St. Louis won the National League pennant last week in a style befitting its heritage of speed, defense and pitching, which came as no surprise to Joe Torre, manager of defeated Atlanta. " Richie Allen came over in 1970, got 34 homers and was gone the next season," said Torre, a Cardinal that year himself. "That should tell you something."
The Cardinals certainly told the Braves something last week. Holding speedy, powerful Atlanta to one stolen base and no homers, St. Louis whipped the Braves three games to none in the championship series and advanced to the World Series for the first time since 1968. The Cards not only came to play but to leave: Their bags were packed before the third game. "We had a feeling we'd win it tonight," Leftfielder Lonnie Smith said during a noticeably low-key celebration. "We had it planned from the first day of the playoffs."
Planned to perfection. Of their 34 hits, 28 were singles. Cardinals went from first to third on seven different one-base hits. "If you don't watch out," warned Atlanta Second Baseman Glenn Hubbard, "they will run you out of town." St. Louis also had five sacrifice bunts in the series and three sacrifice flies in a single game. Its underrated pitchers held the Braves to a league playoff record low average of .169 and limited sluggers Chris Chambliss, Bob Horner and Dale Murphy to a total of four singles and no RBIs.
Whatever false hopes the Braves may have entertained vanished Sunday night. The Cardinals had won the first two games 7-0 and 4-3 on the artificial turf of their own Busch Memorial Stadium. Now the Braves were back home on natural grass, and Rick Camp, a sinkerball specialist suited to Atlanta-Fulton County Stadium, was pitching. But Camp lasted the first inning plus five batters in the second. The best player on the field, Keith Hernandez, led off the Cardinals' second with a sharp single to left. Darrell Porter walked—the eighth of 10 times the playoff MVP reached base in the series—and George Hendrick singled home Hernandez, Porter advancing to third. Willie McGee tripled in both runners, and Ozzie Smith made it 4-0 with another single. Catch them if you can. Atlanta couldn't. McGee later hit the only homer of the series and Joaquin Andujar won for the eighth consecutive time, 6-2. Bruce Sutter got the save, retiring the last seven Braves in a row. In his only other appearance, the night before, he had won Game 2 with six straight outs.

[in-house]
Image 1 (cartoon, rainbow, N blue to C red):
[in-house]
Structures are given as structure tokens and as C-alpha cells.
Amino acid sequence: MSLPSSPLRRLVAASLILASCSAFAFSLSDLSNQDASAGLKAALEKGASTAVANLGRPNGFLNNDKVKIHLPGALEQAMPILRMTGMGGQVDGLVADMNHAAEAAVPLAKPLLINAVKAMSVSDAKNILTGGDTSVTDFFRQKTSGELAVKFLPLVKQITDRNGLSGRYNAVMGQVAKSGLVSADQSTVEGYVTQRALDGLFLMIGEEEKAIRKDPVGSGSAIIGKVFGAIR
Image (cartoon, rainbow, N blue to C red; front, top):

The Atlanta rotation consisted of little more than Phil Niekro, the estimable 43-year-old knuckleballer. Celebrating the previous week's West Division title, No. 2 man Camp had strained his lower back while roughhousing with Murphy. "If Dale gets hurt, they release me the next day," said Camp. "If I get hurt, they can throw somebody else." That Camp recovered in time to supersede Tommy Boggs (2-2) in the rotation was a problematic gain; that Murphy, the team mainstay, had just 15 hits, one homer and four RBIs over his last 79 at bats in 1982 was a major loss. "He tried to take on too much responsibility and pressed," said Torre. But late Sunday, as the Braves celebrated the season instead of mourning the lost playoffs, Jerry Royster, their most eloquent spokesman, put things into perspective. "We came too far to be disappointed," he said.
In the beginning of the series there were three opponents: the Cardinals, the Braves and the Weather. Two rainouts in the first three days made the early score Weather 2, Teams 1. The opener in St. Louis was washed out with one out in the bottom of the fifth inning, the Braves leading 1-0, and Niekro on the mound. Exeunt a likely Atlanta win and, as a Game 1 starter, Niekro.
Before the teams tried again the next night, Torre spake like a prophet. "The key to beating them," he said, "is to keep Lonnie Smith off the bases; the key to beating us is to contain our power."
Whereupon Lonnie Smith ignited a five-run sixth inning and Bob Forsch allowed just three singles as the Cardinals won opener-No. 1A 7-0. Forsch, who on May 13 had failed to hold a 4-0 lead over the Braves, threw a tidy 104 pitches and faced only 30 hitters in what Porter described as "a night off for me." Once a flamethrower, Forsch, at 32, has replaced his fading fastball with guile. "He moved the ball around, changed speeds and threw outside breaking balls against righthanders," said Torre. Even so, Forsch walked no one and had just two three-ball counts. "With our big lead, it would have been a cardinal sin to walk somebody," he said, intending no pun.
The Cardinals scored their first run, in the third inning, despite a grievous base-running error. McGee tripled to the rightfield corner and should have scored when Claudell Washington slipped while attempting to pick up the ball. As McGee streaked toward third, he failed to see the "go" sign from Third Base Coach Chuck Hiller. "You're supposed to pick it up after rounding second," said McGee. "Being a rookie, you're supposed to make those mistakes; maybe I'll be able to handle it in five years." Other Cardinals weren't so philosophical. "He could have gotten five bases on that," said Manager Whitey Herzog. "Instead he only got three." Herzog laughed. "That's why he's so exciting."
The next batter was Ozzie Smith, who shares his house with McGee. "My roomie was taking care of me," Smith thought. "He wants to give me the RBI." Smith fouled off four two-strike pitches from Atlanta starter Pascual Perez and then hit a sacrifice fly to center, reprieving McGee.